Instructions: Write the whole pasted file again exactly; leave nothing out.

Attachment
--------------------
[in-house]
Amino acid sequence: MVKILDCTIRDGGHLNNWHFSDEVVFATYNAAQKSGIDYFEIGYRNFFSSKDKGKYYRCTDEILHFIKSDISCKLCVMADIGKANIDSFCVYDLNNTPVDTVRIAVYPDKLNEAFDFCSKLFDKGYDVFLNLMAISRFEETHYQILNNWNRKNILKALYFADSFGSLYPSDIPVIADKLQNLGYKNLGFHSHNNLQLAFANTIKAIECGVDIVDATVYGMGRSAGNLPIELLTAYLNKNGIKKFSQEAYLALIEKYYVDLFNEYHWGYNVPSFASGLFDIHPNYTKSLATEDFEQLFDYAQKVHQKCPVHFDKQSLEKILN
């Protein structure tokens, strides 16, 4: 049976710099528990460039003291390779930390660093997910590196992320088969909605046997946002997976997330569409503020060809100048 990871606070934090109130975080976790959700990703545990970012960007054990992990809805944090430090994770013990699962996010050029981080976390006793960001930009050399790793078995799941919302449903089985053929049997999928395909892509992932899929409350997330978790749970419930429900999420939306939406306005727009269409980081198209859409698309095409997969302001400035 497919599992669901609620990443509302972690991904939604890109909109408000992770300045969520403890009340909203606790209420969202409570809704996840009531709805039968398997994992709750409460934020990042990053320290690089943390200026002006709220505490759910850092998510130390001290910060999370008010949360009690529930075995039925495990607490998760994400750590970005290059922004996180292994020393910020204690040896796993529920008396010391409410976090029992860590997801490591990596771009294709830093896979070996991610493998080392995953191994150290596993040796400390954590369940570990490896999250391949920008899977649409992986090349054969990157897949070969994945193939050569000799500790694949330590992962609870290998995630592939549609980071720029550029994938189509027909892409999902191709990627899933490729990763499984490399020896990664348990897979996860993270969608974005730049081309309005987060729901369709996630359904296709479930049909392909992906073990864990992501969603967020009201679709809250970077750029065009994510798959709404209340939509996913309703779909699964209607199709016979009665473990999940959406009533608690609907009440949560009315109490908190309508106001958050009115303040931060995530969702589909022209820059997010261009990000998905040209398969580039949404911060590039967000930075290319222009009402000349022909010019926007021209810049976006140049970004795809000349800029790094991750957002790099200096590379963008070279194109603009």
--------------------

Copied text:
[in-house]
Amino acid sequence: MVKILDCTIRDGGHLNNWHFSDEVVFATYNAAQKSGIDYFEIGYRNFFSSKDKGKYYRCTDEILHFIKSDISCKLCVMADIGKANIDSFCVYDLNNTPVDTVRIAVYPDKLNEAFDFCSKLFDKGYDVFLNLMAISRFEETHYQILNNWNRKNILKALYFADSFGSLYPSDIPVIADKLQNLGYKNLGFHSHNNLQLAFANTIKAIECGVDIVDATVYGMGRSAGNLPIELLTAYLNKNGIKKFSQEAYLALIEKYYVDLFNEYHWGYNVPSFASGLFDIHPNYTKSLATEDFEQLFDYAQKVHQKCPVHFDKQSLEKILN
């Protein structure tokens, strides 16, 4: 049976710099528990460039003291390779930390660093997910590196992320088969909605046997946002997976997330569409503020060809100048 990871606070934090109130975080976790959700990703545990970012960007054990992990809805944090430090994770013990699962996010050029981080976390006793960001930009050399790793078995799941919302449903089985053929049997999928395909892509992932899929409350997330978790749970419930429900999420939306939406306005727009269409980081198209859409698309095409997969302001400035 497919599992669901609620990443509302972690991904939604890109909109408000992770300045969520403890009340909203606790209420969202409570809704996840009531709805039968398997994992709750409460934020990042990053320290690089943390200026002006709220505490759910850092998510130390001290910060999370008010949360009690529930075995039925495990607490998760994400750590970005290059922004996180292994020393910020204690040896796993529920008396010391409410976090029992860590997801490591990596771009294709830093896979070996991610493998080392995953191994150290596993040796400390954590369940570990490896999250391949920008899977649409992986090349054969990157897949070969994945193939050569000799500790694949330590992962609870290998995630592939549609980071720029550029994938189509027909892409999902191709990627899933490729990763499984490399020896990664348990897979996860993270969608974005730049081309309005987060729901369709996630359904296709479930049909392909992906073990864990992501969603967020009201679709809250970077750029065009994510798959709404209340939509996913309703779909699964209607199709016979009665473990999940959406009533608690609907009440949560009315109490908190309508106001958050009115303040931060995530969702589909022209820059997010261009990000998905040209398969580039949404911060590039967000930075290319222009009402000349022909010019926007021209810049976006140049970004795809000349800029790094991750957002790099200096590379963008070279194109603009």